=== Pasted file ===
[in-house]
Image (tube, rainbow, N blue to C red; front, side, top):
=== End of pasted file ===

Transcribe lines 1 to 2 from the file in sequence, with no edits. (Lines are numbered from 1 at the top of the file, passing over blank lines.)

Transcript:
[in-house]
Image (tube, rainbow, N blue to C red; front, side, top):